Most people have heard of a prenuptial agreement before—the pre-marriage contract that (once upon a time) used to spell out “certain doom” for the soon-to-be-wed couples who entered into them. But for more than a few people out there, the concept of a postnuptial agreement is rather new.
Similar to its pre-marriage counterpart, postnuptial agreements are used to outline certain property ownership rights, and delegate important responsibilities between married partners. However, unlike a prenup, postnuptials aren’t created before spouses get married… instead, these are drafted while they’re married.
But why would you ever want one of those? you might be wondering. And how does that even work?
We’re glad you asked.
Here’s what you need to know about getting a postnuptial agreement in California, and what the Maples Family Law team can do to help you navigate this important marital contract.
What is a Postnuptial Agreement?
A postnuptial agreement is a type of contract that is initiated by a married couple, while they are married, in order to address certain areas of that marriage. It can be drafted to apply retroactively (back to the original marriage date), or to outline how things will operate, moving forward.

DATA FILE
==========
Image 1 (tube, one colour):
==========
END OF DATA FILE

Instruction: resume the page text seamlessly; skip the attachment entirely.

When valid, a postnuptial agreement essentially subverts the normal rules and protections of things like community property and marital finances, and inserts the couple’s individual preferences, instead.
Most of the time, California couples use this agreement to manipulate finances, and delegate property ownership (for example, to assign debt, or keep property separate). However, it’s not uncommon for the modern postnuptial agreement to go beyond the nitty gritty of those legalities, and address more personal areas of a couple’s day-to-day life, such as pet custody.
If you’re sitting there thinking that this all sounds an awful lot like a prenup, you wouldn’t be wrong. However, while the two agreements operate in nearly identical ways, there is one important difference:
Prenups are drafted before a couple gets hitched; post-nuptials, after.
If You’re Already Married, Why Would You Need a Postnuptial Agreement?
The short answer is: you might not… but that doesn’t mean you shouldn’t want one.
In days of yore, prenuptial agreements left a bad taste in peoples’ mouths. Many folks (erroneously) assumed they were only useful to the very wealthy, and that the presence of one doomed marriage to failure, right from the start.
These days, however, couples are getting smarter.
Rather than seeing pre and post-marital contracts as a precursor to sudden marital death, these savvy couples are viewing them more like a good insurance policy. They’ve learned from the divorces of parents and loved ones, and want to mitigate the destruction of a potential divorce by agreeing on many of its sticking points, now.